Teacher Continues to Search For Work Following Pole Dance Controversy
It’s that time of year when students and teachers are getting ready for the start of a new school year. There is one teacher who will not be returning to the classroom though. UPA spoke with Marina back in June regarding the controversy at the former Catholic school where she taught surrounding her pole dancing hobby. It was clearly expressed to her by supervisors that this activity (which she participated in only during her personal time) was frowned upon. She subsequently resigned and has been looking for work ever since.
It has been about two months since we featured her story and as another school year approaches, she has not been able to secure work. The job market is limited and positions that are available seem to be located too far away. She has gone on two interviews in the past few months but was turned down for both positions. She isn’t certain if her presence in the pole community has been influencing this difficult process or not.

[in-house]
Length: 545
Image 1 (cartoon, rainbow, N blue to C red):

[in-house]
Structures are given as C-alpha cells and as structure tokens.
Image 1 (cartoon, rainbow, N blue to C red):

“I’ve been very discouraged and disappointed,” she says. “My thought is that due to pole, I’ve really shot myself in the foot as far as my teaching career goes.” Marina was at the Great Midwest Pole Dancing Competition this past weekend where she competed in the Regional Elite Division. Despite admitting that her passion for pole dancing may be a potential roadblock in her career, she is clear when she says she has no plans to quit any time soon. “It’s what I do for me. It’s my therapy…And, there’s absolutely nothing wrong with the sport.”
She is still searching and applying for jobs at the moment. She has begun to consider alternatives. There are teaching assistant positions that may be easier to come by as well as more convenient. She also speaks Spanish which is a skill in high demand. “Teaching is all I’ve ever done…. I don’t know what else to do career-wise…. In the meantime, I’m going to keep at it. Best I can do.”